Subsequent Chancery cases – including one authored by Chief Justice Strine when he was Vice Chancellor – interpreted Kahn to mean that independent directors might be cowed by the presence of a controller, and therefore their decisions are suspect. See, e.g., In re Pure Res., Inc., S'holders Litig, 808 A.2d 421 (Del. Ch.2002) (where then-VC Strine characterized controllers as 800-pound gorillas). As a result, a series of Chancery cases have subjected controlling shareholder transactions to entire fairness review, even if approved by the independent directors, and even if the transaction wouldn’t ordinarily require shareholder approval. See discussion in In re Ezcorp Inc. Consulting Agreement Derivative Litigation, 2016 WL 301245 (Del. Ch. Jan. 25, 2016).
Then came MFW. In response, some Chancery cases clarified that controllers can get the benefit of business judgment review if they employ the MFW framework, including transactions that ordinarily wouldn’t require shareholder approval at all. See In re Ezcorp Inc. Consulting Agreement Derivative Litigation, 2016 WL 301245 (Del. Ch. Jan. 25, 2016); IRA Trust FBO Bobbie Ahmed v. Crane,(Del. Ch. Dec. 11, 2017) (endorsing Ezcorp).
In other words, Chancery courts seem (?) to have coalesced around the view that controlling shareholders are likely to overwhelm both stockholders and independent directors, and therefore we can only trust the fairness of an interested-controller transaction if both approve, without any additional evidence of coercion.
If I’m not mistaken, the Delaware Supreme Court did eventually explicitly endorse the idea that directors can never be truly independent of a controller, but only twice. In Kahn v. Tremont Corp., 694 A.2d 422 (Del. 1997), the Court held:
Entire fairness remains applicable even when an independent committee is utilized because the underlying factors which raise the specter of impropriety can never be completely eradicated and still require careful judicial scrutiny….The risk is thus created that those who pass upon the propriety of the transaction might perceive that disapproval may result in retaliation by the controlling shareholder. Consequently, even when the transaction is negotiated by a special committee of independent directors, no court could be certain whether the transaction fully approximated what truly independent parties would have achieved in an arm's length negotiation.
(quotations and alterations omitted). Later, the Court said the same thing in Ams. Mining Corp. v. Theriault, 51 A.3d 1213 (Del.2012), quoting Tremont. But these cases are the only ones that I know of where the Delaware Supreme Court explicitly said that we cannot fully trust even independent directors when they stand opposite controlling shareholders. And I note that earlier cases held in dicta that independent directors could cleanse transactions involving controlling shareholders. See, e.g., Summa v. Trans World Airlines, Inc., 540 A.2d 403 (Del. 1988); Nixon v. Blackwell, 626 A.2d 1366 (Del. 1993).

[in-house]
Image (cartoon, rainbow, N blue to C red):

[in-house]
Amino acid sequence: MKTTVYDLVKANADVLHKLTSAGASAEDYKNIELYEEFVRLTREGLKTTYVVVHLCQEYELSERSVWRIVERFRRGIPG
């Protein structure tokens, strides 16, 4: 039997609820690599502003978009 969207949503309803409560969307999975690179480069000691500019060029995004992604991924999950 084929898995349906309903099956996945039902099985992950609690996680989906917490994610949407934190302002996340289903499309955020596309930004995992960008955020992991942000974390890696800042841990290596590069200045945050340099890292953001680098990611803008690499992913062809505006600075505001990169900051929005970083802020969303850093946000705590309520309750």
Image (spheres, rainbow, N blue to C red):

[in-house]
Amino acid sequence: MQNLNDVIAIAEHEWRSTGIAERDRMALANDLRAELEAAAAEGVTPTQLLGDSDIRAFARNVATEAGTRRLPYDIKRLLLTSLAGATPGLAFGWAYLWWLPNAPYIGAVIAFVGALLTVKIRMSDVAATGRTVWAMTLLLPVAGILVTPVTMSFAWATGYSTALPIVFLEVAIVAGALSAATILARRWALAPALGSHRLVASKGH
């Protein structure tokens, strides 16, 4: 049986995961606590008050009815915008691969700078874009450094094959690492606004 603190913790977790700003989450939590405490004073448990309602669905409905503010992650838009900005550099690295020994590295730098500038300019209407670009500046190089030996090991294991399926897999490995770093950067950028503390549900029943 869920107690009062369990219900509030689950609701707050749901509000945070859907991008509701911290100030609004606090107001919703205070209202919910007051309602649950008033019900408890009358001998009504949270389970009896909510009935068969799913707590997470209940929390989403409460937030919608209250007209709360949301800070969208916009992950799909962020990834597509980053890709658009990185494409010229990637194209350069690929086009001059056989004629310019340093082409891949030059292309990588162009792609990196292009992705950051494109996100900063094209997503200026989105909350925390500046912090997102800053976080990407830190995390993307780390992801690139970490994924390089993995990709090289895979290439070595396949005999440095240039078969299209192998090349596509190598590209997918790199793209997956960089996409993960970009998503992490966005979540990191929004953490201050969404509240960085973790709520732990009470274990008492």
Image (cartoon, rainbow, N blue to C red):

(Am I wrong? Is there another case where the Delaware Supreme Court was explicit about the fact that independent directors should be distrusted as a matter of law – even absent a showing of some specific dysfunction – when across the table from a controlling shareholder?)
But if that’s right, there’s an odd incongruity, which Vice Chancellor Laster explored in detail in In re Ezcorp Inc. Consulting Agreement Derivative Litigation, 2016 WL 301245 (Del. Ch. Jan. 25, 2016), and that then-Vice Chancellor Strine flagged in In re Pure Res., Inc., S'holders Litig, 808 A.2d 421 (Del. Ch.2002). Namely, it is well-established that independent directors are presumed to be unbiased for the purposes of the demand requirement in a derivative lawsuit, even if the defendant is a controlling shareholder. In other words, we always trust that independent directors can make a fair determination as to whether it is in the corporation’s interest to file a lawsuit against the controller. That much goes back to Aronson v. Lewis, 473 A.2d 805 (Del. 1984).
The Aronson rule does not seem to have changed – mostly. I’ve previously blogged about how in Delaware Cty. Emps. Ret. Fund v. Sanchez, 124 A.3d 1017 (Del. 2015) and Sandys v. Pincus, 152 A.3d 124 (Del. 2016), the Delaware Supreme Court addressed demand futility in cases against controlling shareholders, and employed a much more nuanced inquiry than it had performed in the past. Specifically, the Court was willing to hold that nebulous social and business ties could, collectively, compromise a director’s independence. Neither case, however, limited its holding to the controlling shareholder context (and Chancery has not interpreted the cases to be so limited). So Sanchez and Sandys, as far as we know, are not cases about controlling shareholders generally; they are cases about what constitutes independence.
So now here we are, back in the context of a controlling shareholder squeeze-out, and we have a prima facie reason to distrust the decisionmaking of the independent directors: A whole new one was added to the board, at the controller’s behest, and added to the special committee, after the controller had proposed the deal.
But does the Court suspect wrongdoing? No! To the contrary, it cites Aronson – the original case to hold that independent directors are unlikely to be cowed by controllers – to justify its faith in the directors’ fortitude. See Flood, slip op. at 8 n.37. The Court does not invoke Tremont, with its explicit doubts whether independent directors can resist controllers.